How to Talk to Your Children

Wednesday, December 19th, 2012

How to Talk to Your Children:

Some Resources for Parents
•An Exchange article by Diane Levin: “When the World is a Dangerous Place —
Helping Children Deal with Violence in the News.

•Advice from the National Association of School Psychologists, “A National
Tragedy: Helping Children Cope.” (more…)

Family Traditions

Wednesday, December 5th, 2012

The importance of family traditions and how to create them.

We all recollect certain moments and times of our childhood that we will cherish forever. Almost all of these memories in one form or another were a tradition. These family traditions are sadly one of the great casualties of modern times. As families have more time constraints due to careers, become focused on team sports, are more fragmented and disengaged, there is less time and opportunity to benefit from the traditions that were formerly a natural part of family life. The present households often has a TV and/or computer in every room, so even a small custom like all sitting down to eat dinner, doing homework together or playing a favorite family game may just not happen as often as it once did. (more…)

Biting, A Normal Developmental Child Behavior

Monday, October 29th, 2012

Biting is a normal part of childhood development. Yes, it is very upsetting for adults. Yes, it can be frightening for the child who bites. Yes, it is upsetting to the child that is bitten and yes, it makes adults angry, but biting is a normal part of childhood development. (more…)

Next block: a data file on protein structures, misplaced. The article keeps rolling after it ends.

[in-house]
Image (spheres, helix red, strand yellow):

Stopping Bullying

Monday, October 22nd, 2012

In the USA ~ October 2012 marks the seventh PACER’s National Bullying Prevention Month that unites communities nationwide to raise awareness of bullying prevention. This event includes activities, education and awareness building for the entire month.

According to the National Association of School Psychologists, bullying is the most common form of violence in our society. In a 2001 national survey of students in grades 6 through 10:

  • 13% reported bullying others
  • 11% reported being a victim of bullies
  • Another 6% said that they both bullied others and were bullied themselves
  • These numbers mean that over five million children are affected by bullying

Source: Surfnetkids

Bullying is the conscious desire to hurt, exclude or put someone else down to make you feel better. Bullying can be in looks, actions or words. Bullying is not a joke. It is unacceptable. Each student has the right to feel safe, happy and wanted. (more…)

Afterschool Programs

Friday, October 19th, 2012

In communities today, 15.1 million children take care of themselves after the school day ends. Afterschool programs keep children safe, help working families and inspire learning. This is why we, at LifeSpan, spent October 18th celebrating our afterschool programs by participating in the 13th annual Lights On Afterschool Challenge inviting our families and community members to join us for a fun filled afternoon of various activities, displays and healthy snacks at all 6 of our Quakertown Afterschool Program locations demonstrating how our programs and staff continue extra learning opportunities during Out of School Time (OST).

Each day in America, millions of children go home to an empty house after school. In recent years, the growth of quality, affordable afterschool programs – programs that keep children safe, inspire learning and help working families – has begun to offer parents of these children positive alternatives. Over the past 5 years, afterschool programs have played an increasingly important role in providing valuable afterschool opportunities for children and families with OST programs. (more…)